The Royal Borough of Kingston upon Thames, in south west London, commissioned design consultant Atkins to deliver a 1.6 kilometre, two-way, segregated cycle track on the riverfront alongside the Thames, going into Surbiton town centre. This has been accompanied by public realm improvements for pedestrians to the adjoining Queen’s Promenade on the riverside. This is part of Transport for London’s Mini-Holland initiative, which aims to provide attractive, safe cycling routes in outer London boroughs.
The improvements were completed about three years ago and the new cycle lanes and the promenade seem to be used quite extensively. The majority of the cycle track has been simply created by annexing 3.5 metres of carriageway on the river side of the road. A series of kerb units has been fixed into the carriageway, with regular gaps to allow the surface water to drain to the existing gullies. At 500 millimetres wide, the units also act as a small buffer zone, helping to separate the cyclists from the traffic. At both ends of the route, however, the cycle track becomes shared with the footway as the space available reduces.
Compromises, omissions, successes
As often happens when trying to introduce segregated cycle tracks into a town centre environment with limited space, compromises have to be made. There is a section where the cycle track takes over the former footway, and pedestrians are signed to either cross the road or use the Queen's Promenade route. Many, it seems, still prefer to take the direct route and walk in the cycle lane. Similarly, the first 100 metres travelling north from Brighton Road are quite constrained, with cyclists and pedestrians having to share a footway that in places is little more than 3 metres wide.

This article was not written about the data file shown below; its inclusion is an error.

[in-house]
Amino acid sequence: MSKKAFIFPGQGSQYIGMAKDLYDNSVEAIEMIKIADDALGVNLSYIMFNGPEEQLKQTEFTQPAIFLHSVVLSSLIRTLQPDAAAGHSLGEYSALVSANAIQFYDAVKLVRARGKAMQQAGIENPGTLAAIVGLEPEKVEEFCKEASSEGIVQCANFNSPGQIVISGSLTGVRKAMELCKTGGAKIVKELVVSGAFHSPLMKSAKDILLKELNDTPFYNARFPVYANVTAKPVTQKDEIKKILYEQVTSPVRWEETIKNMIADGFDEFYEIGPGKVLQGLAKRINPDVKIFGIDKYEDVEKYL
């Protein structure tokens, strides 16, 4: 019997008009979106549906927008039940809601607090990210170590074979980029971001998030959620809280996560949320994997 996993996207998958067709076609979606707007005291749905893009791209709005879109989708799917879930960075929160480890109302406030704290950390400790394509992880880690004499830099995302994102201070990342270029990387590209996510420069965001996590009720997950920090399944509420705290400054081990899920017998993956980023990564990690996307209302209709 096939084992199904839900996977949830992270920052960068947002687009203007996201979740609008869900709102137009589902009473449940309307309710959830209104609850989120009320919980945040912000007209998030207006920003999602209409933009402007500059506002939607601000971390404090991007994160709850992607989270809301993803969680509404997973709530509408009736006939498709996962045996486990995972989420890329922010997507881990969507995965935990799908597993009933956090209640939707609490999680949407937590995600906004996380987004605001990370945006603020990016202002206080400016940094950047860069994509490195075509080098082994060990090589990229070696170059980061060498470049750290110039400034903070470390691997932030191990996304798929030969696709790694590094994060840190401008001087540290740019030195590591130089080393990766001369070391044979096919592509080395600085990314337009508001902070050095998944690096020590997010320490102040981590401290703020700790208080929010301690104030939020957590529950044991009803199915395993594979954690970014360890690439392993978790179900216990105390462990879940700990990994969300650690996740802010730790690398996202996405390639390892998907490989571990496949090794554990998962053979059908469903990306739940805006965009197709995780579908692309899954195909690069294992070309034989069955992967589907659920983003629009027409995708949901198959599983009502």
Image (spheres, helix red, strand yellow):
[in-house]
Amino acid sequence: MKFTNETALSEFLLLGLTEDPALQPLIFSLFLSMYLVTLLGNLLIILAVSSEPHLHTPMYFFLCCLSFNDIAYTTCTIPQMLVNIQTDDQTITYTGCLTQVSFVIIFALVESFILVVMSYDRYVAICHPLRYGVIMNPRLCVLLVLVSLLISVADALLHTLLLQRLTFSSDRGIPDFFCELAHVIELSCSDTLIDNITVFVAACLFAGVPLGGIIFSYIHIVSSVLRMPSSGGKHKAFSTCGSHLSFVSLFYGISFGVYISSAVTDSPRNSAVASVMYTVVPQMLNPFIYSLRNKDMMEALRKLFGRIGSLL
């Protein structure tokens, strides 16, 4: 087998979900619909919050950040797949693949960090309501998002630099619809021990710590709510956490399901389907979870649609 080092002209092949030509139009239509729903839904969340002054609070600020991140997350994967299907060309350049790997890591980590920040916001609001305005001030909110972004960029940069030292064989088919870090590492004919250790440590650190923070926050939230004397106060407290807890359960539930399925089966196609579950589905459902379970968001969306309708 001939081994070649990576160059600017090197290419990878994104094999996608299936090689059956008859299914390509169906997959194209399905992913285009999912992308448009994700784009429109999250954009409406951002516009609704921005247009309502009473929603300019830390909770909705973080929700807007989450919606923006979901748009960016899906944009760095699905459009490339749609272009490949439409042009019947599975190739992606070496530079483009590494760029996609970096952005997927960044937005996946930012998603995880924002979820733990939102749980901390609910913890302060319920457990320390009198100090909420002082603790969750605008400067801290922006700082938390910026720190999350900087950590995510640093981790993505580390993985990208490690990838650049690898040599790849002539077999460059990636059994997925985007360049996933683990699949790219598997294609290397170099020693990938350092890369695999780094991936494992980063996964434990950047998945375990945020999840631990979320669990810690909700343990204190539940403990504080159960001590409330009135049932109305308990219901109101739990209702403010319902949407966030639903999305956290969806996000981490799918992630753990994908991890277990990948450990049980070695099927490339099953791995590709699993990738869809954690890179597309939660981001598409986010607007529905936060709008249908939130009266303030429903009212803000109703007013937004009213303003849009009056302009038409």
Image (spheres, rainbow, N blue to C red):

Although Queen's Promenade has lots of benches, the quarter mile stretch of Portsmouth Road into Surbiton has no incidental seating to offer pedestrians a place to rest.
There are a number of existing and new zebra crossings, some with ‘elephant’s feet’ markings to allow them to be used by cyclists, that make connections to the numerous side roads running east off the Portsmouth Road. Several of the side roads, however, have neither zebra crossings, informal crossing places or even dropped kerbs.
Along Queen's Promenade, new walls, seats, ramps and steps interplay with each other to create a variety of connections between the lower level riverside path and the upper level Portsmouth Road. The changes in level and alignments allow a variety of planted beds to intersect these elements and create playful spaces, with inset timber seats and built-in timber recliners.
Perhaps the most important things these access interventions create are breaks in the old riverbank retaining wall and dense planting, which open up views of the Thames and Hampton Court Palace.
The Mini-Hollands projects were designed to help boroughs to improve streets and public spaces to make cycling and walking attractive, safer and more convenient. This scheme has achieved that aim, but with some caveats, particularly in relation to walking and connections for cyclists.
Ian Hingley is co-founder of transport and planning consultancy Urban Movement.